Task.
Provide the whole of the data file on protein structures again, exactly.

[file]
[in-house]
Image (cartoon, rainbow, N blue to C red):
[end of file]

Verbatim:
[in-house]
Image (cartoon, rainbow, N blue to C red):